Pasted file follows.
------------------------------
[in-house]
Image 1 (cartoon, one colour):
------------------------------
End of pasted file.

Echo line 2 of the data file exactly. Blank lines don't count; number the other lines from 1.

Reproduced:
Image 1 (cartoon, one colour):